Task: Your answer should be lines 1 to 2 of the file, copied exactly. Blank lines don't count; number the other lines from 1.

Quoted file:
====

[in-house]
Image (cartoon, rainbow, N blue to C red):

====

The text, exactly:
[in-house]
Image (cartoon, rainbow, N blue to C red):